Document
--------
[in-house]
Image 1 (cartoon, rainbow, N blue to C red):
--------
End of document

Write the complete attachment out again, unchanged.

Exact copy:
[in-house]
Image 1 (cartoon, rainbow, N blue to C red):